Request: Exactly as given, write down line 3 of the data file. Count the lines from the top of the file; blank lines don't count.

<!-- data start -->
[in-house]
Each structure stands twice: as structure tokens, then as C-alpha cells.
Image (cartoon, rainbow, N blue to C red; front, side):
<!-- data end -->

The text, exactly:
Image (cartoon, rainbow, N blue to C red; front, side):